Macallan whisky’s spectacular new Batcave-style distillery

It’s out with the conservative image for The Macallan and in with a starchitect-designed statement distillery

Image: Chris Burke

There comes a time in every chap’s life when a bit of an image refresh is required. Sometimes a new haircut or a sharper suit is all that it takes. However, sometimes those changes need to be a bit more radical. Makeovers come easy in the world of fashion. But Scotch whisky has always been pretty conservative, image-wise. So the recent unveiling of The Macallan’s new £140m distillery in Speyside has been big news in whisky land.

Designed by Rogers Stirk Harbour + Partners, the architectural practice established by Richard Rogers, this modernist HQ is the first distillery to be designed by a ‘‘big-name’’ international architect. This puts it on a par with statement wine buildings including Marqués de Riscal’s Frank Gehry hotel in Rioja, Château Margaux’s Norman Foster winery and Antinori’s arresting HQ in Chianti Classico (or so they hope, anyway). From the outside, the new distillery is quite subtle – cut into the side of the hill, it has an undulating turfed roof and widescreen window that give it the appearance of an oyster just starting to open. But inside, it has all the scale and drama of a Batcave. ‘‘We wanted it to look like a Tim Burton movie,” says the project’s architect, Toby Jeavons, “with big, heavy shadows.”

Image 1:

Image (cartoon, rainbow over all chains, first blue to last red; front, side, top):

At every turn this building makes you look up. By the entrance a 10m x 30m glass display case towers with 840 archive bottles of The Macallan. In the centre, atop a vast, polished concrete rotunda, a bar serves 952 different drams   against cinematic views of the distant hills. There’s also an inner chamber where VIPs can dine in the midst of 140 privately owned casks. 


The Macallan was established in 1824 and, like most Scotch whisky distilleries, it had always got by with a setup that was pretty utilitarian But Rogers Stirk Harbour + Partners – a practice famous for putting the inner workings of buildings on the outside (it is also famous for projects including The Leadenhall Building in the City of London and Terminal 5 at London Heathrow) – has made the engine room of the distillery beautiful too. 

Under a ceiling that peaks at 24m, visitors can wander among 36 working copper stills, peer into washbacks alive with fermenting wort and explore interactive exhibits made by collaborators including Magnum and Lalique. “It’s been more than just a project – it’s been a defining part of my life,” says Jeavons, who spent six years on the building. 

I’d say it’s a defining moment for Scotch whisky too. “Dress for the job you want, not the job you have” – so the saying goes. And if that’s the case, The Macallan wants to be a single malt that’s defiantly 21st century.


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